Apple's 'Night Shift' is Just a Spiffed Up Version of a 9-Year-Old Banned App

Thursday, January 28, 2016 1:00 PM

As a 'long term' iPhone user (we're talking 8+ years), a neglected iOS feature that's been at the top of my wish list since day one has been a nighttime display mode, with decreased blue-light emissions. As someone who uses their phone before bed - a cardinal sin, as any sleep experts will tell you - I envied my Android using friends who were able to download the long coveted f.lux app that did just that. Why was Apple depriving us of such pleasures as a self-adjusting screen composition based on our environment? They claimed they wouldn't host the app in their App Store because it goes 'outside the bounds' of what apps are normally allowed to do, and Apple does not allow developers to access the private APIs needed to make f.lux work on iOS. This was just the way it was... for years. Imagine, then, everyone's collective surprise when Apple's new iOS 9.3 beta rolled out last week with a 'Night Shift' mode doing just what they wouldn't allow f.lux to do for them.


First, a little background on why this display adjustment matters: various studies have concluded that blue light inhibits people's brains from releasing melatonin, something that usually occurs a couple of hours before bedtime. Melatonin reduces alertness and aids in signalling to the body that it's time to sleep. Laptops, cell phones and tablets all emit a ton of blue light. Therefore, using such devices in the hours before/during bedtime can make it way harder for us to fall asleep than we would otherwise. By omitting or decreasing the amount of blue light we're exposed to before bedtime (ie, adjusting our display with f.lux or Night Shift) it's theorized that we'll all sleep better - and who doesn't want that?

Comparing f.lux and iOS's Night Shift side by side

The emergence of Night Shift last week for iOS seemed promising, if not rather past-date and irksome to f.lux developers. On Apple's preview site for it's new software, they explain that "Night Shift uses your iOS device's clock and geolocation to determine when it's sunset in your location. Then it automatically shifts the colors in your display to the warmer end of the spectrum, making it easier on your eyes. In the morning, it returns the display to its regular settings." Not so different from f.lux itself (aka exactly the same). Instead of being all, 'hey remember when we developed and marketed that technology 9 years ago and you're the only platform who banned us', f.lux took the proverbial high road and simply asked this week that Apple let them re-enter the App Store.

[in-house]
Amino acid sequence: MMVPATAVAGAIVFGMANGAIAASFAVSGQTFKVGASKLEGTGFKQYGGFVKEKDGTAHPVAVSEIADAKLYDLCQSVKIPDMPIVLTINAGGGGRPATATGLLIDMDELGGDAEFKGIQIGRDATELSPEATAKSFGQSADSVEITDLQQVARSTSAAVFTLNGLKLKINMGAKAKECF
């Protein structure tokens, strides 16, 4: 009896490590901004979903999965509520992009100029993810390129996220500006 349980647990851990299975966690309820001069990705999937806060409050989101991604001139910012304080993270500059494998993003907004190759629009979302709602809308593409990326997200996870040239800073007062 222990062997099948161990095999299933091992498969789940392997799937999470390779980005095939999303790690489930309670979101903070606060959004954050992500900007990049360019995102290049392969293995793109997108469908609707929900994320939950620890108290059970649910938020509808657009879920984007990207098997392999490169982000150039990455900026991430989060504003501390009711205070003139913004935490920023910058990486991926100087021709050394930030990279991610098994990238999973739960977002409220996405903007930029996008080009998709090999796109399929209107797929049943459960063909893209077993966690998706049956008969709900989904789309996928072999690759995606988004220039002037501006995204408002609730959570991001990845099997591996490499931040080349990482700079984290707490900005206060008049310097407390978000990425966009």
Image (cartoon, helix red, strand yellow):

The f.lux website announcement

Credit Where Credit Is Due

It's obvious that f.lux deserves immense credit for being a pioneer solution-provider in omitting blue light emissions from our various devices. Inevitably, however, addressing this problem is something that device-makers are now solving in-house. In the past few months alone, Google rolled out a blue light filter in their Play Books application and Amazon introduced a similar 'Blue Shade' feature for their Kindle devices. Where it's not uncommon for Apple to 'borrow' ideas from the jailbreak community (see here for some 'inspiration' they've drawn from), they repeatedly bring about questions and discussions of how big name corporations could, and more importantly should, address such blatant cases of idea 'borrowing' in tech. While I'm personally thrilled about this new iOS feature, it'd be nice to see just a little nod from Apple about where this new 'innovation' came from - in this case, just letting f.lux back into the oh-so-coveted App Store.

Bridget VanWart

Bridget VanWart

Bridget VanWart is Div1's newest addition, joining the team after graduating with a Bachelor of Business Administration from the University of New Brunswick. When she's not serving as Div1's client liaison and administrative assistant, she can be found Instagramming pretty things she stumbles upon around the city.

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